08 Sep 2015

This is why the 8K Canon Cinema EOS camera is so important Featured

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Canon Cinema EOS 8K camera Canon Cinema EOS 8K camera Canon/RedShark Publications

A shock announcement from Canon has everyone talking about 8K and what it means for everyone. Why did Canon make this statement of intent now?

Today's announcement took us all by surprise. I had to read the press release several time to make sure I'd understood it.

In case you haven't seen the news, you can read the statement from Canon here. It seems quite odd for a traditionally conservative Japanese technology company to be talking about its products so far in advance of their release (well, actually, they could be released tomorrow for all we know, but we doubt it).

Now, just in case "traditionally conservative Japanese technology company" sounds like an oxymoron to you, I'll explain what I mean.

Some of the best consumer and professional technology in the world comes from Japan. This is at least in part because the Japanese way with design and manufacturing is to do it methodically. Typically a Japanese company won't release a product until it is so completely finished and tested that there is nothing whatsoever unknown or unpredictable about its behaviour.

This normally works to our advantage, in that that's exactly what we want, because when cameras had no software in them, there were no firmware updates or bugs. They did what they did for the lifespan of the camera and if you wanted a camera that did more or behaved differently, you bought another one. But they were dependable because of that. As you got to know them, they almost became an extension to your body.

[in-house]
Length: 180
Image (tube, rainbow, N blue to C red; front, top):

Now that cameras are as much software as hardware, this no longer applies. Japanese companies still test products to within an inch of their lives, but software is so complex and - to the user - non deterministic, that the occasional bug slips through and updates are sometimes necessary. Often, though, these updates bring with them good things, like additional features.

So the dependable world of microelectronics and miniaturised engineering has given way to frantic software development and a race to build in enough bandwidth to cope with the huge resolution of todays - and tomorrow's - sensors.

In this software-driven world, product releases are faster and far more competitive. Typical Japanese companies may find this uncomfortable, but if they don't take part in the race, they will be seen as losing it.

Which is why I think Canon made this announcement now. Fairly or unfairly, a lot of criticism has been levelled at Canon for being too slow to release cameras with features that other manufacturers have had for some time. A lot of this has probably come from Canon's decision to wind down the frenzy over DSLR video and focus their video skills on the Cinema EOS range, which are, of course, more expensive than DSLRs.

Here's a typical comment (from RedShark's Facebook Page):

"Talk about missing the point! Why do we want this camera? I don't even have a 4k yet because the companies don't give me what I want! Props for pushing the technological boundaries Canon but give me a semi-pro 4k (£3-5) camera (proper 4k too not UHD) give that camera a 4.4.4 colour space, which records footage internally (on a decent medium) in RAW format where over heating isn't a problem! That would be great."